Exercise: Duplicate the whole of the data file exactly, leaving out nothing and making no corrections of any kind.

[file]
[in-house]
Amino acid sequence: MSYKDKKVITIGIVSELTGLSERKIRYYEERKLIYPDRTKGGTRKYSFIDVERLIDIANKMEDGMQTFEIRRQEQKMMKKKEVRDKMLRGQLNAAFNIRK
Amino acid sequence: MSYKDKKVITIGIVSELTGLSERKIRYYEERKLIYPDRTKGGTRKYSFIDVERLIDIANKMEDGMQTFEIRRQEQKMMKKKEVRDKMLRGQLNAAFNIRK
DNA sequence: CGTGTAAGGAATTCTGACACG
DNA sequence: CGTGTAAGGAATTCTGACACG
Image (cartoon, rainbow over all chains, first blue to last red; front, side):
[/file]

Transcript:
[in-house]
Amino acid sequence: MSYKDKKVITIGIVSELTGLSERKIRYYEERKLIYPDRTKGGTRKYSFIDVERLIDIANKMEDGMQTFEIRRQEQKMMKKKEVRDKMLRGQLNAAFNIRK
Amino acid sequence: MSYKDKKVITIGIVSELTGLSERKIRYYEERKLIYPDRTKGGTRKYSFIDVERLIDIANKMEDGMQTFEIRRQEQKMMKKKEVRDKMLRGQLNAAFNIRK
DNA sequence: CGTGTAAGGAATTCTGACACG
DNA sequence: CGTGTAAGGAATTCTGACACG
Image (cartoon, rainbow over all chains, first blue to last red; front, side):